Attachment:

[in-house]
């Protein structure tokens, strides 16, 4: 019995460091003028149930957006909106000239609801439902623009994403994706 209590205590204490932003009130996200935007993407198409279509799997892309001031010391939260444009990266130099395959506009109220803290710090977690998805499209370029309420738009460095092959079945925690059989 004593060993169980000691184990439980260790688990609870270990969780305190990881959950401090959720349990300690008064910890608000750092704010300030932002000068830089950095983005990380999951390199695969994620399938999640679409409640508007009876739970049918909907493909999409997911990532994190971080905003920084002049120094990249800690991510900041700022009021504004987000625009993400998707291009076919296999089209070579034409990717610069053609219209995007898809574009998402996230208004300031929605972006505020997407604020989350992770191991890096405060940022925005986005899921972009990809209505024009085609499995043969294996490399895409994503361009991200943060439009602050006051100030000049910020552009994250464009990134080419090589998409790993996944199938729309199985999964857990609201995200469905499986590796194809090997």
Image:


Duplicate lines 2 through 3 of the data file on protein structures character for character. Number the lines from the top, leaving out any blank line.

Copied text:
């Protein structure tokens, strides 16, 4: 019995460091003028149930957006909106000239609801439902623009994403994706 209590205590204490932003009130996200935007993407198409279509799997892309001031010391939260444009990266130099395959506009109220803290710090977690998805499209370029309420738009460095092959079945925690059989 004593060993169980000691184990439980260790688990609870270990969780305190990881959950401090959720349990300690008064910890608000750092704010300030932002000068830089950095983005990380999951390199695969994620399938999640679409409640508007009876739970049918909907493909999409997911990532994190971080905003920084002049120094990249800690991510900041700022009021504004987000625009993400998707291009076919296999089209070579034409990717610069053609219209995007898809574009998402996230208004300031929605972006505020997407604020989350992770191991890096405060940022925005986005899921972009990809209505024009085609499995043969294996490399895409994503361009991200943060439009602050006051100030000049910020552009994250464009990134080419090589998409790993996944199938729309199985999964857990609201995200469905499986590796194809090997």
Image: